Brazil Central Bank Left Rates Steady for Sixth Month at 13.75%, Less Likely to Resume Hikes

Banco Central do Brasil​ kept its benchmark interest rate unchanged for the sixth consecutive meeting in February 2023, in line with market expectations. This was the bank’s first monetary policy meeting after the new government proposed its long-awaited new fiscal rules. The board said it is “less likely” to resume hikes saying they decided to maintain its strategy for a longer period to ensure the convergence of inflation, while won’t hesitate to resume the tightening cycle if the disinflationary process does not proceed as expected. The Brazil decision came just hours after the US Federal Reserve delivered its increase of 25 basis points to interest rates.

The board repeated that global activity and inflation remain resilient and the monetary tightening continues to advance in major economies.

Brazil Real
Brazilian Real

The Central Bank last year aggressively hiked its benchmark interest rate with twelve consecutive interest rate hikes since 2021 when the bank began its current tightening cycle early last year, the Selic was at a record low 2%. The lending rate is now at its highest level since 2017.

Annual inflation eased to 4.65% in March from 5.6% in February 2023, while the bank’s Inflation expectations for 2023 and 2024 stand at 5.8% and 3.6%, respectively.


  • The bank held the Selic at 13.75% late on Wednesday, holding a monetary tightening cycle that’s increased borrowing costs by 11.75 percentage points since March 2021.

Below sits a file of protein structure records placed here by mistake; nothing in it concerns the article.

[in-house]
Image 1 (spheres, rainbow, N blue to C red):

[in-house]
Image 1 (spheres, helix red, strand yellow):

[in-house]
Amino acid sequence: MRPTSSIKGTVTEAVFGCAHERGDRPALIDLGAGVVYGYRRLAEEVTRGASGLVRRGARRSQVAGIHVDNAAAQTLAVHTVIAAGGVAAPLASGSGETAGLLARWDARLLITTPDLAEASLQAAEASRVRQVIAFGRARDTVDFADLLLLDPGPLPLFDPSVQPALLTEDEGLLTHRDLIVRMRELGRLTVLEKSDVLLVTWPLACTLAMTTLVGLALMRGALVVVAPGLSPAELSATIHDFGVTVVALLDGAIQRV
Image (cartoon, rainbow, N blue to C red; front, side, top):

• Result was a unanimous decision.
  • The move was expected.
  • Third scheduled policy meeting after the election of leftist Luiz Inacio Lula da Silva as President
  • Inflation expectations for 2023 and 2024 stand at 5.8% and 3.6%, respectively.
Brazil Interest Rate
Brazil Interest Rates

Banco Central Do Brasil Comitê de Política Monetária (Copom)

Monetary Policy Statement May 3, 2023

Copom left the Selic rate to 13.75% p.a.

In its 254h meeting, the Copom decided to maintain the Selic rate at 13.75% p.a.

The following observations provide an update of the Copom’s scenario:

The global environment remains challenging. The episodes involving banks abroad have increased the uncertainty, but with limited contagion on financial conditions so far, requiring constant monitoring. At the same time, the central banks of major economies remain committed to bringing inflation back to its targets, in an environment in which inflation has been resilient.

Regarding the domestic scenario, the recent set of indicators of activity continues to be in line with the deceleration expected by Copom, although with more resilience observed in the labor market. Consumer inflation as well as the various measures of underlying inflation are above the range compatible with meeting the inflation target. Inflation expectations for 2023 and 2024 collected by the Focus survey have increased marginally and are around 6.1% and 4.2%, respectively.

Copom’s inflation projections in the reference scenario* stand at 5.8% for 2023 and 3.6% for 2024. Inflation projections for administered prices are 10.8% for 2023 and 5.2% for 2024. In an alternative scenario, with a constant interest rate throughout the relevant horizon, inflation projections stand at 5.7% and 2.9% for 2023 and 2024, respectively.